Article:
Interesting article from Newsweek that I saw linked to from the Science & Theology News web site that comments on the increasing discussion over the place of spirituality and religion in the health sector.
Modern medicine, of course, still demands scientific proof on top of anecdotal evidence. So over the past decade, researchers have been conducting hundreds of studies, trying to scientifically measure the effects of faith and spirituality on health. Can religion slow cancer? Reduce depression? Speed recovery from surgery? Lower blood pressure? Can belief in God delay death? While the research results have been mixed, the studies inevitably run up against the difficulty of using scientific methods to answer what are, essentially, existential questions. How do you measure the power of prayer? Can one person’s prayer be stronger – and more effective – than another’s? How do you separate the health benefits of going to church or synagogue from the fact that people who attend religious services tend to smoke less and be less depressed than those who don’t?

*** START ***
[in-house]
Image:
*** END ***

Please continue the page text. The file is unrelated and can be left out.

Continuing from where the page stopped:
Full article at: MSNBC – Faith & Healing